The AKC breed standard states that Standard Poms should be 3 – 7 lbs (1.4 – 3.2 kg), and no taller than 14 inches (36 cm). Females can be larger than males, especially if intended for breeding.
There are 2 Types of White Pomeranians
A White Pom should have a completely white coat, without any underlying yellow or cream tones. Their eyes, noses, and paw pads should also be black. If they lack pigment, they are a Pom that suffers from albinism.
Parti Poms have the piebald coloring which is largely white with one other color. Poms with three colors including white are called Tri-Colored.
White Parti Poms with the dilute gene might have liver or blue pigmented noses and eye rims.
Some Poms marketed as White Poms are actually very light creams. Also, white dogs bred from partis are always parti, even if their markings are so faint you can’t see them.
Also read: Types of Pomeranians
Coat Color: Will White Pomeranian Puppies Stay White?
One thing that all new Pom owners should know is that Pom puppies don’t stay the same color. Many puppies that are born white can mature into Parti Poms or Cream Pomeranians.
Black puppies might turn brown or grey with age. Orange Sables are very often born dark.
To look at all the color variations of this breed and learn how their color changes, check out our post on Pomeranian colors.
Their colors shift and change until their puppy uglies and they grow in their adult coat. This starts around the 3 – 4 week mark and lasts till they are 10 months old.
For White Poms, you won’t be able to tell whether they’ll stay white until around the 8 – 12 week mark. In any case, Pure White Pomeranians will never have any kind of darker fur.
Telltale signs that your puppy isn’t going to be a white dog will usually show up behind its ears.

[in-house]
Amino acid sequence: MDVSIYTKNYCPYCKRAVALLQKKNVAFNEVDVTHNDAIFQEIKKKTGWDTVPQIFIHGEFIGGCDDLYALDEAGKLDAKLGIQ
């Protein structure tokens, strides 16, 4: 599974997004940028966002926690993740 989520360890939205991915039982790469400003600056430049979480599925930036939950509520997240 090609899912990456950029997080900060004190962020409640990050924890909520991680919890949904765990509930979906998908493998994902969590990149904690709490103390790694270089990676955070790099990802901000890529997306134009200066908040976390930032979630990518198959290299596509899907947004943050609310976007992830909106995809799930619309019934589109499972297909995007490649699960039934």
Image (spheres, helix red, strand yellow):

Also read: Get to Know All the Colors of the Pomeranian
Temperament: Are White Pomeranians Good Family Dogs?
Dogs just want to be with their owners and Pomeranians will be your shadow. You might find yourself calling for them, only to realize that they were behind you all the while.
These lap dogs love being with their humans and can be a friend to all with proper training.
Poms are a boisterous dog breed that can be quite independent and pushy if left to their own devices. While they can be great first dogs as they aren’t hard to handle, they do need some patience and a dedicated hand.
As with many small breeds, the Pomeranian breed is known for being hard to potty train.
Due to their small size, they have small bladders and aren’t great at holding them in, so consistency is key. Crate training is also a great way to housetrain a toy group breed.
This toy breed is an amazing watchdog. However, their barking can get quite incessant. These small dogs can go on and on, which can cause even the most patient and empathetic owner to lose their minds.
Do yourself and your neighbors a favor and teach your little fluffy pooches to be quiet.
One reason that might exacerbate barking is separation anxiety. While Poms are naturally independent dogs, separation anxiety can still develop.
To prevent this, create a routine! When they learn what to expect, they should naturally calm down.
Overall, the White Pom has exactly the same temperament as any other colored Pom. They are loving, great with kids, and can get along with other animals.
You’ll notice that they bond strongly with their owners and are unfailingly loyal. However, these dogs have a tendency to develop small dog syndrome, so be sure not to spoil them.